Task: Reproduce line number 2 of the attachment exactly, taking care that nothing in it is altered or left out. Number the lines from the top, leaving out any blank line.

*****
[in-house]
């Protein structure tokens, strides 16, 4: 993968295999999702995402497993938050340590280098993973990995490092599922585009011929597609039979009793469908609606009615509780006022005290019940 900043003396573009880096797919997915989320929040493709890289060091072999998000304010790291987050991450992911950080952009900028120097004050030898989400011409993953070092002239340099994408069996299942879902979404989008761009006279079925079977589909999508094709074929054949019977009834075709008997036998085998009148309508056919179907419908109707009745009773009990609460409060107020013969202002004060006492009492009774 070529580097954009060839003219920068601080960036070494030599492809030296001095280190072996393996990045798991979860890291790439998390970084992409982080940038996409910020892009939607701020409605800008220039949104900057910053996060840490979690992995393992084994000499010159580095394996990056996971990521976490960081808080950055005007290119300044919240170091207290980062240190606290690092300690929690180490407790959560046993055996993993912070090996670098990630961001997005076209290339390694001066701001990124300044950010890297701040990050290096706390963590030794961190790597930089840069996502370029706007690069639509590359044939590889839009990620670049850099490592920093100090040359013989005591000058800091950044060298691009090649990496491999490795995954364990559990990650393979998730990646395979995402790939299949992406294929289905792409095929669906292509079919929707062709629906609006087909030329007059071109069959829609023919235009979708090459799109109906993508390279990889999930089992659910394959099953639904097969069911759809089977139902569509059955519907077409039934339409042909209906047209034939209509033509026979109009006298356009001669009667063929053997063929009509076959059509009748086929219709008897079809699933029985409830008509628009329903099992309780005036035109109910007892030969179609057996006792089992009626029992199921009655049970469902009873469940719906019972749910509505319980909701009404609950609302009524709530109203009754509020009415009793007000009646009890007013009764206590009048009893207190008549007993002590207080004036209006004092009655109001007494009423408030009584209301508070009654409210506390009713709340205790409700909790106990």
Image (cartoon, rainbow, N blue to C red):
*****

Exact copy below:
């Protein structure tokens, strides 16, 4: 993968295999999702995402497993938050340590280098993973990995490092599922585009011929597609039979009793469908609606009615509780006022005290019940 900043003396573009880096797919997915989320929040493709890289060091072999998000304010790291987050991450992911950080952009900028120097004050030898989400011409993953070092002239340099994408069996299942879902979404989008761009006279079925079977589909999508094709074929054949019977009834075709008997036998085998009148309508056919179907419908109707009745009773009990609460409060107020013969202002004060006492009492009774 070529580097954009060839003219920068601080960036070494030599492809030296001095280190072996393996990045798991979860890291790439998390970084992409982080940038996409910020892009939607701020409605800008220039949104900057910053996060840490979690992995393992084994000499010159580095394996990056996971990521976490960081808080950055005007290119300044919240170091207290980062240190606290690092300690929690180490407790959560046993055996993993912070090996670098990630961001997005076209290339390694001066701001990124300044950010890297701040990050290096706390963590030794961190790597930089840069996502370029706007690069639509590359044939590889839009990620670049850099490592920093100090040359013989005591000058800091950044060298691009090649990496491999490795995954364990559990990650393979998730990646395979995402790939299949992406294929289905792409095929669906292509079919929707062709629906609006087909030329007059071109069959829609023919235009979708090459799109109906993508390279990889999930089992659910394959099953639904097969069911759809089977139902569509059955519907077409039934339409042909209906047209034939209509033509026979109009006298356009001669009667063929053997063929009509076959059509009748086929219709008897079809699933029985409830008509628009329903099992309780005036035109109910007892030969179609057996006792089992009626029992199921009655049970469902009873469940719906019972749910509505319980909701009404609950609302009524709530109203009754509020009415009793007000009646009890007013009764206590009048009893207190008549007993002590207080004036209006004092009655109001007494009423408030009584209301508070009654409210506390009713709340205790409700909790106990």